Virtual Ink, vendor of the electronic whiteboard Mimeo, on Tuesday at the Demo conference will unveil its move into the wireless world with an upgrade it calls "category breaking."
Stories by Martin LaMonica
A CTO recently told the story of his CEO insisting the company get CRM, even though it wasn't totally clear what exactly that meant. Improved customer relationship management should be at the top of every company's agenda, but IT executives implementing these applications should not repeat ERP's failure to generate meaningful business data.
Java set the world on fire six years ago with portable code. Now XML is setting the database world ablaze with easily transferable data. And although all database vendors have already added support for storing XML documents, the next wave of tighter XML integration promises a big leap toward bridging structured and unstructured data types.
It looks as if Microsoft Corp. has won its game of hardball after all. When the U.S. Department of Justice found that Microsoft unlawfully defended its monopoly in late 1999, the remedies that came down from U.S. District Judge Thomas Penfield Jackson were completely removed from the technical and market realities of today. Microsoft misused its market power, but breaking up a software company a la Standard Oil doesn't make sense in today's economy.
One week after resigning as president and CEO of IBM Corp.'s Tivoli Systems Inc. division, David Murphy has taken a job as president and CEO of Asera Inc., a 2-year-old e-business software startup focused on fast growth.
Startup CapeClear Software is entering the Web services fray with a new twist on the discussion of next-generation software development: Businesses do not need to employ highly skilled, highly paid developers to create new applications.
Overheard at a recent e-business expo in New York: "They should include the 52-week high and low stock price next to vendor listings in this conference catalog." Although just an offhand remark, the crack aptly captures growing concerns about the IT industry's financial woes, now spilling over dramatically into the business-to-business market.
With ever more complex Web applications, businesses now need to stress test an application in a way that realistically reflects the unpredictable nature and the varied access modes of the Internet.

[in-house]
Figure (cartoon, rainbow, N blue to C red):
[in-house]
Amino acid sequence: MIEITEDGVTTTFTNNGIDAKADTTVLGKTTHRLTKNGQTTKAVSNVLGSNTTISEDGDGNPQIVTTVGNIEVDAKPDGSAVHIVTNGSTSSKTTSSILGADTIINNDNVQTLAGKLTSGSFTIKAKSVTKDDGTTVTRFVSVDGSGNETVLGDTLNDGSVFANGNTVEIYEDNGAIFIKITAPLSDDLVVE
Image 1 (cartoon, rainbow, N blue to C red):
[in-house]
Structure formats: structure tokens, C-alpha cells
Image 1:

The term e-business was the best thing to ever come along for IBM. Guided by CEO Louis Gerstner's strategy to rein in IBM Corp.'s sprawling organization, the notion of doing business via the Internet gave IBM's rich but sometimes conflicting product lines a galvanizing strategy to rally behind.
When most IT managers hear "peer-to-peer computing", they think of Harry and Suzie in accounting bringing down the entire corporate network by downloading and swapping MP3 music files.
The reasons that enterprises need to outsource are well-understood: a lack of specialized IT talent, time-to-market pressures, and the need for IT organizations to focus on business-critical, revenue-driving applications rather than strictly maintaining operations. But the marketplace of products and services that will make application and network outsourcing a reality, particularly for larger companies, is stuck in first gear.
It is clear that businesses need to leverage the Internet to drive revenue and to streamline operations, but how well the technical infrastructure facilitates achieving these goals is anything but obvious.
Three groups -- regulators, the high-tech industry, and privacy advocates -- are clumsily defining what eventually will become accepted business practices for using consumer data. And because of the speed of change and a lack of coordination between government and business, concern over privacy abuses is swelling. If this situation continues, everyone loses because useful personalized services will never reach their potential.
Reality has a way of putting the brakes on the wheels of progress when it comes to visions of the great frictionless economy. These days, the hype meter is highest in the business-to-business e-commerce world, an area that continues to see more funding and more start-ups than the fallen business-to-consumer crowd. And with the euphoria comes difficult decisions and risks.
One of the thornier challenges of wide-scale business-to-business e-commerce is the amount of software integration work required to connect different business partners' systems.